Bagasse dryer design using multi-scale compartment models

May, J., Sheehan, M., Ajayi, O., and Hickey, T. (2014) Bagasse dryer design using multi-scale compartment models. In: Proceedings of the Australian Society of Sugar Cane Technologists (36) pp. 506-515. From: ASSCT 2014: 36th Annual Conference of the Australian Society of Sugar Cane Technologists, 28 April - 1 May 2014, Broadbeach, QLD, Australia.

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Abstract

Cogeneration in the Australian sugar industry has the potential to provide significant environmental and economic benefits. Central to increasing cogenerated energy output is the use of bagasse drying to improve boiler efficiency. In a previous numerical study, pre-drying of bagasse from 50% moisture to 30% moisture using waste flue gas was shown to deliver up to 16% reduction in bagasse usage and up to 24% increase in specific steam production. Across the world both flighted rotary dryers and flash dryers have been used to dry bagasse fibre for enhanced boiler operation. In this paper, the design and preliminary costing of a flighted rotary dryer processing 50 t/h of Burdekin bagasse fibre from 50% moisture to 38% moisture using waste flue gas is described. Operational scenarios, such as the effect of varying flue gas temperature on dryer design, are evaluated. Key design data such as the drying rate and bagasse angle of repose were determined by experiments using a Spencer oven and pilot scale rotary dryer, respectively. The development and use of a multi-scale compartment model for sizing the dryer is described. In this model, the impact of flight and drum geometry on dryer loading and dryer design were directly accounted for. The results of this investigation showed that both energy and material costs of a dryer are highly dependent on the loading state and material properties such as angle of repose and bulk density. A new design methodology which used simulated trails with variable dryer loading states showed a distinct minimum in costs occurring at the point where the particular dryer was operating closest to its design loading. The optimum flighted rotary bagasse dryer design was found by minimising total cost (electrical energy and raw material requirements), and was shown to occur at design loading. Although the results presented in this work relate to a fixed set of operating conditions, it is likely that the methodology used and conclusions drawn can be applied to the general design and operation of flighted rotary dryers.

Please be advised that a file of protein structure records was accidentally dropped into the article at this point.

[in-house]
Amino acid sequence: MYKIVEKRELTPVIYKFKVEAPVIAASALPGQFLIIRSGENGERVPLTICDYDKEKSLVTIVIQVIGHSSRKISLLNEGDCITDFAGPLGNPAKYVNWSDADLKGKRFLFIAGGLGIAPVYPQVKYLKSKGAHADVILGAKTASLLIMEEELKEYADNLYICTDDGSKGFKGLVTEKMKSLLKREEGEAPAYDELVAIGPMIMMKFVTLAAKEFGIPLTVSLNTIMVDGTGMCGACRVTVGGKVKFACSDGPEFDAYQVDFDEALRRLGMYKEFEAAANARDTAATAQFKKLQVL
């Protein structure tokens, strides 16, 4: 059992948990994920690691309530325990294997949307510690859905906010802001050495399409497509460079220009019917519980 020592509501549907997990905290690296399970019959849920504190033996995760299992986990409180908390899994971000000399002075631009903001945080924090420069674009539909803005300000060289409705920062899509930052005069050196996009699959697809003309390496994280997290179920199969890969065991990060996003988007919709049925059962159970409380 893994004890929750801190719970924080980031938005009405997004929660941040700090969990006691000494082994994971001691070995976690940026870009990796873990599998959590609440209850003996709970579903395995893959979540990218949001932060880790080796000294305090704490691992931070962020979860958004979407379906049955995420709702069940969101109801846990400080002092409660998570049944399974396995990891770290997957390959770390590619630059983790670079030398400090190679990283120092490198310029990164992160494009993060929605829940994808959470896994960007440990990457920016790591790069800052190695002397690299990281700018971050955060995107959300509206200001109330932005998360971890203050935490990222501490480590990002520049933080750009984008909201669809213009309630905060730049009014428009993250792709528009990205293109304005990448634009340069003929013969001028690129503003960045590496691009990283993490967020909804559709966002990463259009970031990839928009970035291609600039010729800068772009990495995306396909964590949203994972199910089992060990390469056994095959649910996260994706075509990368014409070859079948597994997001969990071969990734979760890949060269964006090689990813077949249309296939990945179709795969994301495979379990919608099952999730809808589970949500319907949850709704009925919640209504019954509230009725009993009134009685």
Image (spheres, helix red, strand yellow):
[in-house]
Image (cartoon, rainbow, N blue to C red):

Item ID: 36864
Item Type: Conference Item (Research - E1)
ISSN: 0726-0822
Keywords: bagasse, drying, model, loading, design, flighted rotary dryer
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Date Deposited: 25 Mar 2015 04:41
FoR Codes: 09 ENGINEERING > 0915 Interdisciplinary Engineering > 091503 Engineering Practice @ 33%
09 ENGINEERING > 0915 Interdisciplinary Engineering > 091599 Interdisciplinary Engineering not elsewhere classified @ 33%
09 ENGINEERING > 0915 Interdisciplinary Engineering > 091504 Fluidisation and Fluid Mechanics @ 34%
SEO Codes: 85 ENERGY > 8507 Energy Conservation and Efficiency > 850703 Industrial Energy Conservation and Efficiency @ 100%
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